In lieu of flowers the family suggest memorial contributions to the Bowers Chapel Cemetery left in care of Sheldon-Goodrich Chapel.
Dorothy Lou McCain was born August 3, 1926 in Urbana, Missouri, the 3rd of 9 children born to Albert Levi and Anna Pearl (Clymore) Williams. She passed away April 1, 2013 at Research Medical Center in Kansas City, Missouri.
She graduated from Urbana High School a semester early so she could begin working at a defense plant in California. She later worked in the jewelry business in California. On December 26, 1947 she was united in marriage to Norman C. McCain in Springfield, Missouri. To this union four children were born.
Norman and Dorothy operated United Farm Agency in Versailles, Missouri from 1951 to 1957 when Norman moved to the home office in Kansas City. Dorothy became a full time homemaker and stay-at-home mom taking care of her family.
Growing up Dorothy was very athletic, playing high school basketball. She enjoyed playing golf, bowling, where she even bowled a 608 series; watching KU basketball and always referred to the players as “her boys”. Her favorite pastime was fishing either off of her boat dock at the Lake of the Ozarks or Bennett Springs. Another business that Dorothy and Norman enjoyed for many years was racing quarter horses at many different tracks from California, New Mexico to New York..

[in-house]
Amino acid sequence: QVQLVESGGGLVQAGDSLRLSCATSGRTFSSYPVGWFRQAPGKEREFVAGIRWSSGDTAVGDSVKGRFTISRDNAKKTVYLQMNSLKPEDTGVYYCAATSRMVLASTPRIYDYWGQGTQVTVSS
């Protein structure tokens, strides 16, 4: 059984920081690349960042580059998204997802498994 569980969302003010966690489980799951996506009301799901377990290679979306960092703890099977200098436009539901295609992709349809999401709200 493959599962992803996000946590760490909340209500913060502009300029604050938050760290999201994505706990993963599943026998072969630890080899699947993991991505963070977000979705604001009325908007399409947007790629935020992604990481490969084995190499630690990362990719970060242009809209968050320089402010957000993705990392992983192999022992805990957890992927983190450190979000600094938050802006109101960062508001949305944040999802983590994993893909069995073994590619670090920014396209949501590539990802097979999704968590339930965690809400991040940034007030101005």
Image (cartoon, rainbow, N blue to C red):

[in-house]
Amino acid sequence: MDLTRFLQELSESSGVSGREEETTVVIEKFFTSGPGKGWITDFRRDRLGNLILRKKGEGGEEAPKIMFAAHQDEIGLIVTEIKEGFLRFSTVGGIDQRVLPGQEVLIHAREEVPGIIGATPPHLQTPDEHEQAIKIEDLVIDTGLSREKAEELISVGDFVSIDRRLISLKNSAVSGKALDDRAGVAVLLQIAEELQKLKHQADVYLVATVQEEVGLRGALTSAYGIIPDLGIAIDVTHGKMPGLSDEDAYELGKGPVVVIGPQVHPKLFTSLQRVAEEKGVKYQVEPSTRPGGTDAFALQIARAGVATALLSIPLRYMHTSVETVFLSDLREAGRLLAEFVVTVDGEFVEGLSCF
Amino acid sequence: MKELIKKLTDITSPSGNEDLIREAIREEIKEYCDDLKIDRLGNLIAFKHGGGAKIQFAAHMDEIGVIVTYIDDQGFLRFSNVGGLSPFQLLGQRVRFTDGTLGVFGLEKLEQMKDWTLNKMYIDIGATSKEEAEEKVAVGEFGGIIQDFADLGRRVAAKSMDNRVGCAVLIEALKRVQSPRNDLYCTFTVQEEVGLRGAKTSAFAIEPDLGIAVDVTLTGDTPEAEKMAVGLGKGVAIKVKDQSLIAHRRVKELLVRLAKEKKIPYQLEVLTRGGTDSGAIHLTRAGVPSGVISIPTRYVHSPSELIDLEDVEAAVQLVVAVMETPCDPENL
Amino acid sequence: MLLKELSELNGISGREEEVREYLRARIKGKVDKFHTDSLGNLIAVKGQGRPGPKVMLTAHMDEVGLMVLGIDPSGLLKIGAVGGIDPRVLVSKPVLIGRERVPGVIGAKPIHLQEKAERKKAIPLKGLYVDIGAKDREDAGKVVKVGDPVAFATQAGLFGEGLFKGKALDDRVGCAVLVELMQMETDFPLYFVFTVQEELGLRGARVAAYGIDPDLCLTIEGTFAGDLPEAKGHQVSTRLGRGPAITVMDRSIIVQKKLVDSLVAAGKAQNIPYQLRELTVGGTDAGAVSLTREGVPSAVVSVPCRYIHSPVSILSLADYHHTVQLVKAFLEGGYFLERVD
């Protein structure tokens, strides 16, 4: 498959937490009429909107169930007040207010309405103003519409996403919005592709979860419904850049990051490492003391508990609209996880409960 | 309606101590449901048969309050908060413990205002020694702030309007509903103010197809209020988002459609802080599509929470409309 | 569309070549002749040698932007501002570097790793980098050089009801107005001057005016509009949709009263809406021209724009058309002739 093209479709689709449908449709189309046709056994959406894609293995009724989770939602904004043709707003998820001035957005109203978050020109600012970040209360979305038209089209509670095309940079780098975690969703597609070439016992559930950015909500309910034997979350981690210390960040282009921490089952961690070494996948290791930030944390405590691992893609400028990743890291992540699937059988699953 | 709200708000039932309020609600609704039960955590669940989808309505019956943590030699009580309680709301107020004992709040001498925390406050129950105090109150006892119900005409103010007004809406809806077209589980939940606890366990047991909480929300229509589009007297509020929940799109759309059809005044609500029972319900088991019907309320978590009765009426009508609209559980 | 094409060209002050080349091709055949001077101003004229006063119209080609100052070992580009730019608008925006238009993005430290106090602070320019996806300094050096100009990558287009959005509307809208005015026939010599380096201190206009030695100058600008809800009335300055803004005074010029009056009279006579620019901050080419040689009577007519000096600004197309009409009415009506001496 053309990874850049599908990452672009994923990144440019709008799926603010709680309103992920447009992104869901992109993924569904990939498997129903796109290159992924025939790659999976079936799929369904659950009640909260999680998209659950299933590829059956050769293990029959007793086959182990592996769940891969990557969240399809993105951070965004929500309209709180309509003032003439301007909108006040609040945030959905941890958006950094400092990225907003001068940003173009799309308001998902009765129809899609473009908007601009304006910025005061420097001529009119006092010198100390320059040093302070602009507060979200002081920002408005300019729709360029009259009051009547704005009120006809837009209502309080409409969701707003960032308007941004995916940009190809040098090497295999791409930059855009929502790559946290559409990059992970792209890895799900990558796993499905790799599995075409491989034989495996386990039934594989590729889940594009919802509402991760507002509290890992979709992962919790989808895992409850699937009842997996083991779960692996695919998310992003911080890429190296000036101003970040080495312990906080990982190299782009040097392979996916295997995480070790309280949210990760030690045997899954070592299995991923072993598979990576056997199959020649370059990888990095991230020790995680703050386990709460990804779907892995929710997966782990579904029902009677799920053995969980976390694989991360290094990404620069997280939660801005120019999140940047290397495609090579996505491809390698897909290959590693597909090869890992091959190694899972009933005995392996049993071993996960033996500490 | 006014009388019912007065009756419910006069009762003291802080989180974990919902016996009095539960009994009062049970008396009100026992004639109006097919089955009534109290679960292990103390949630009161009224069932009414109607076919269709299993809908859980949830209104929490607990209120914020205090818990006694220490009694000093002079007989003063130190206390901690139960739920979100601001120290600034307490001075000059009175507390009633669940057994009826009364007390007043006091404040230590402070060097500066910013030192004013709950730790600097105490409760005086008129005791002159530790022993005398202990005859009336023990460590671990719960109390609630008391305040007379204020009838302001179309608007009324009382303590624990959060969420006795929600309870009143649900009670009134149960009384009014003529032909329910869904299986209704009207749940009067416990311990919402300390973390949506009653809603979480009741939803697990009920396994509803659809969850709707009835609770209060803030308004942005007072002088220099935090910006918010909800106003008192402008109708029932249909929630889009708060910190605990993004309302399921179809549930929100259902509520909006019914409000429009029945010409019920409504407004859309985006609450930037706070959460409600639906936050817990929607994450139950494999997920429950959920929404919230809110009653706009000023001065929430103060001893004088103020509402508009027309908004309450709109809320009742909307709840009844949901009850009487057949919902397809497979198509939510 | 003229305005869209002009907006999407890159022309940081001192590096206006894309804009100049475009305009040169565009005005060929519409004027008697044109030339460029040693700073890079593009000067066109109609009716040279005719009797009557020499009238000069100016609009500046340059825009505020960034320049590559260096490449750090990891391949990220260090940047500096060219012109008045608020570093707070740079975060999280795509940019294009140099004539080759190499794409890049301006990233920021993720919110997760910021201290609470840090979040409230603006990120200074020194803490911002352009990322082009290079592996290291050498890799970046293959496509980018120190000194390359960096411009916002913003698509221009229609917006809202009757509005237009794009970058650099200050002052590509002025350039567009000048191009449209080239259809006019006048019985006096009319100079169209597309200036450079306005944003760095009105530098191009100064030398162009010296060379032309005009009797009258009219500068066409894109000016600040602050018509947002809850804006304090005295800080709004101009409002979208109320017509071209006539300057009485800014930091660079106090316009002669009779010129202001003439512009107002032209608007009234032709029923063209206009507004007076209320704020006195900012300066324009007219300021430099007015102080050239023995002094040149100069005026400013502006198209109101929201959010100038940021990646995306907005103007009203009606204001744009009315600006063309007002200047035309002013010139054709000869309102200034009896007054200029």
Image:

Dorothy was preceded in death by an infant daughter, Sherry Lynn; her parents; 3 brothers, Glen, Ritchie and Louis; a sister, Helen Hooper; 2 grandsons, Lance Evans and Sean Sheldon.
She is survived by her loving husband Norman, of the home; son Norman, Jr. and wife Nancy of Lawrence, Kansas; 2 daughters, Debbie Sheldon and husband Randy of Osceola, Missouri and Sandy Pummill and husband Cliff of Leawood, Kansas; 3 brothers, Bud Williams and wife Ella, Bob Williams and wife Virginia, all of Liberty, Missouri, Lawrence Williams and wife Joyce of Lebanon, Missouri; sister, Martha Bricker of Urbana, Missouri; 8 grandchildren and 6 great-grandchildren. Dorothy will always be loved and missed by family and friends.
Dorothy’s “Love of Life” was reflected in her 22 year battle with aneurisms.